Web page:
Me and a student of mine were pondering on this for ages and then came up with the same answer at the same time- it’s mainly used as a conversation starter, e.g. for a new couple or colleagues groping their way towards a friendship nervously discussing where they should go away for a weekend trip. This realisation of how difficult the Japanese find conversation (even more than the British- see “Watching the English” for details), has been the biggest of all naruhodo moments for me. It explains the popularity of hostess bars, food that keeps your hands busy like yakiniku and okonomiyaki, akachochin mama san bars, karaoke, the endless talk about food and the weather, getting naked with your colleagues in a bath where it’s too hot to speak, limiting discussion of your holiday to the exchange of souvenirs, etc etc etc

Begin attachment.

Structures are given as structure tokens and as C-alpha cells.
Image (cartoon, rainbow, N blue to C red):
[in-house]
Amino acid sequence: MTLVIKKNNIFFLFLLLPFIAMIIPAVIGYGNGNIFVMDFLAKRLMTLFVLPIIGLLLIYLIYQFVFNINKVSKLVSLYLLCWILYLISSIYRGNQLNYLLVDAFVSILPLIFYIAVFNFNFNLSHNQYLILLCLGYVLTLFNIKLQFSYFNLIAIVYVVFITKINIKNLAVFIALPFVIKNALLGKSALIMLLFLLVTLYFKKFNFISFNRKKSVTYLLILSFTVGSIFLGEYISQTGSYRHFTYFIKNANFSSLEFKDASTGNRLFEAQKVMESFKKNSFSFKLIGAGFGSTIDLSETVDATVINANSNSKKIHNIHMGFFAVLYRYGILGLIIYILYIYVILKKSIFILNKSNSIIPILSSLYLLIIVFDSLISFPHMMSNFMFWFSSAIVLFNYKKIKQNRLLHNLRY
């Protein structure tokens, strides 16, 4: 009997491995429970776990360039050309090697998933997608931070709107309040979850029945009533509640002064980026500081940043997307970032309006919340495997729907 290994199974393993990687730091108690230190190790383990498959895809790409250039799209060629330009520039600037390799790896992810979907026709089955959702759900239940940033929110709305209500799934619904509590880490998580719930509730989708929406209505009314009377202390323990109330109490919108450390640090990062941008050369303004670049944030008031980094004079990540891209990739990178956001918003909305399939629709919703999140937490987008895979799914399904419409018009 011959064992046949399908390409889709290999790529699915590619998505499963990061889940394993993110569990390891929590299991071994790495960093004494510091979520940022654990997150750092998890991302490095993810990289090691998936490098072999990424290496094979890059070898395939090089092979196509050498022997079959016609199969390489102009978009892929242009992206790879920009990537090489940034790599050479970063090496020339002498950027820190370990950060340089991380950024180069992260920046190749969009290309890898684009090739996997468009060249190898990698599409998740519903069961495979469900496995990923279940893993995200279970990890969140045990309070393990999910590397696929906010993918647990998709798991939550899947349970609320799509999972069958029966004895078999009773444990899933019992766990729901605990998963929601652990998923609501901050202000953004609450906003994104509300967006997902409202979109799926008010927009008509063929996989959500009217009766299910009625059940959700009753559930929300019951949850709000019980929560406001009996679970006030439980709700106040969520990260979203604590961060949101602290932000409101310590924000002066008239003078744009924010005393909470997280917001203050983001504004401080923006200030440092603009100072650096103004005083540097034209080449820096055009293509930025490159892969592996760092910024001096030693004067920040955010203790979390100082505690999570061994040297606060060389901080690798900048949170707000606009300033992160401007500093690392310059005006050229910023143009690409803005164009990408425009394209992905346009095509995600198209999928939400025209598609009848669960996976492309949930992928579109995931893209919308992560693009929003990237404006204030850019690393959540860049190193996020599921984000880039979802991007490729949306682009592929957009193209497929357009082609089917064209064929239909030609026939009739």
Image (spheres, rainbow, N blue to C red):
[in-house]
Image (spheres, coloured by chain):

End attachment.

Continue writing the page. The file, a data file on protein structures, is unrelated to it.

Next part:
Why would anyone buy a Tokyo Walker-style entertainment mag that just has endless pictures of restaurants and doesn’t tell you which ones are any good?
March 7, 2008 at 1:34 am (Japan and the UK, Japanese bars- akachochin/ mamasan bars, Japanese baths and onsen hot springs, Japanese conversation topics, Japanese food and drink, Japanese freetime and hobbies, Japanese magazines, Japanese publications, Karaoke, okonomiyaki, Yakiniku)